Lots of vegetables can be grown from seed outdoors, when the first frosts have passed. Some plants, however, are too tender to start early outdoors, if you want them to get big enough to provide a useful crop. Instead, you can start these off from seed in a greenhouse, so you have more mature plants ready to start in the garden when the weather is warm enough.
If, like me, you don’t have a proper greenhouse, however, you still have some other options. You can buy plugs, which are young plants in small plugs of soil that you can plant directly outside once it’s warm enough. Or you can grow them from seed indoors. Since getting plugs is harder this year, growing your own is a good option, so long as you have seeds and somewhere to put them. I decided to take this approach a few weeks ago, as I wasn’t sure if I’d be able to get plugs, but there’s still plenty of time to get sowing indoors. Commercial seeds generally come with pretty clear sowing instructions and if you follow them, step-by-step, you can’t go too far wrong. But since there seem to be a few extra beginners picking up a seed packet this year, I thought I’d show you how things went with a couple of veggie-patch favourites.
One classic British vegetable to start off indoors is the Runner Bean (Phaseolus coccineus). This year I’m growing ‘Tenderstar’, which has red and pink flowers that produce apparently ‘smooth and stringless’ bean pods. I’ve never grown this variety before, so will be interested to see the results. April is the perfect time for sowing runner beans and anywhere warm, with a decent amount of light will do. A windowsill is a good option, but we no longer have one in our kitchen. Instead, we’re growing things on our kitchen island, which is directly under a skylight and in front of our sliding doors.
Runner beans need to be sown deep (5cm in the case of ‘Tenderstar’), so you need to start with decent-sized pots (7.5cm wide will do) and make sure you have enough space for them. They germinate pretty well, so I only sowed 6 and that’s probably more than I’ll have space for in the garden. Fill the pots with compost and make sure it’s well-watered before you start. I like to use a chopstick to make a hole of the right depth in the centre of each pot. You’ll see from the picture below that it needs to be pretty wide for Runner Beans. Simply push the bean in and fill it in, taking care to firm the compost down so the bean is in good contact with it.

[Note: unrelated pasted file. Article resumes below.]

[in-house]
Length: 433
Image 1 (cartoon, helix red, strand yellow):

The instructions suggest using a propagator (a tray with a clear plastic lid like a small greenhouse) to help the beans germinate. Unfortunately, my husband has already commandeered my one for his tomatoes (more on this in future, I think). If you haven’t got one though, you can do just as well by placing your pots in a sealed, clear plastic bag – I use freezer bags. As long as the room they’re in stays around room temperature (18-20C), they should be perfectly fine.
Eight days later and these beautiful, giant seedlings have appeared. I don’t want to plant them outside yet. Instead they’ll need repotting, which I’ve already done for some courgette seedlings. These are F1 ‘Atena’ and I started them a week before the Runner Beans. Unlike Tenderstar, they didn’t need the added warmth of a plastic bag and germinated quite happily on my worktop. I repotted them by putting the current pot inside the new one, filling it in with compost, then taking the young plant out of its old container and popping it in the hole made in the new one. Always remember to give seedlings a good drink of water before and after you transplant them. Once they and the weather are ready, you’ll need to ‘harden them off’ first, which means giving them a little time outside each day, to get used to the colder temperatures. I’ll try to do a post on this when I do it.
So it really is that simple! In a Spring where we really are having to make do with what we have at home, I’m not going to let a lack of greenhouse stop us from getting a head start growing our own vegetables this year!